Current Minor League Baseball minimum salaries include $400 weekly in rookie ball, $500 at Class A (both high and low A), $600 at Double-A and $700 at Triple-A, as reported by the Associated Press on July 29 of this year . When Senne filed the suit eight years ago, Triple-A players were earning an average of $537.50 per week while rookie ball players earned $275 per week.

Last month both the plaintiffs and defendants received preliminary approval from the court on the settlements for the case, which totals up to $185 million from Major League Baseball to the plaintiffs of the class action suit. After attorney fees each member of the class action suit is expected to receive $5,000 to $5,500.

ADVERTISEMENT

Sometime in the fall, the members of the class action will receive a notice from attorneys on the settlement and their rights with final approval of the settlement expected to be heard in February 2023.

Former minor leaguer Garrett Broshius of law firm Korein Tillery in St. Louis is co-counsel for the class action lawsuit.

“The notice should go out soon and it's just going to describe all the details about the settlement," Broshius said. "There's nothing they (class action members) really need to do until that. They should know that we fought for a long time for this and thankfully, things are starting to change for the better for the player."

The timing of the lawsuit settlement comes only a month before the MLB Players Association announced its intentions of wanting to represent Minor League players in its union. Although Senne has had no correspondence with the movement to unionize Minor League players, he said he is pleased to see some changes beginning to make things better for minor leaguers.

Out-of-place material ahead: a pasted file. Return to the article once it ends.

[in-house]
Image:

“I'd say over the past eight years, we've seen a lot of shifts in the public perception in regards to minor league lifestyle, how players are compensated and treated," he said. "That has, in my opinion, directly correlated to some of the changes that we've begun to see from specific organizations, now, obviously, Major League Baseball and the 30 owners coming to an agreement on this settlement.

"I would bucket any potential Minor League player unionization into that same realm that we've really moved the needle and made people aware of this problem, and now you're starting to see the results in a positive light, and we hope it continues."

Last Wednesday, Sept. 14, the arbitrator overseeing Minor League Baseball Players voting cards to become a part of the MLB Players Association confirmed there were more than 5,000 players voting to become represented by the union. The next step for Minor League players unionization is bargaining between the MLBPA and minor league players, with hope to have a deal in place by the start of the 2023 season.

For Senne, he can now look back fondly on the eight-year struggle to get former teammates on the diamond the pay they deserved from their playing days.

ADVERTISEMENT

Senne's action will also ensure future waves of professional ballplayers can earn a living wage for playing the game they love, making the long road to the settlement all the more worthwhile for Senne and thousands of other minor league players.

Theodore Tollefson is a business reporter for the Post Bulletin. He is originally from Burnsville, Minn., and graduated from the University of Wisconsin-River Falls with a bachelor's degree in journalism in December 2020. Readers can reach Theodore at 507-281-7420 or ttollefson@postbulletin.com.
What to read next
The candidates for Goodhue Mayor make their pitches to voters ahead of the Nov. 8 general election.
The candidates for Eyota Mayor make their pitches to voters ahead of the Nov. 8 general election.
The candidates for Chatfield Mayor make their pitches to voters ahead of the Nov. 8 general election.
The Rochester Police Department clarified that although the Mayo scare originated because of wrong information, local law enforcement is not limited to handling one crisis at a time.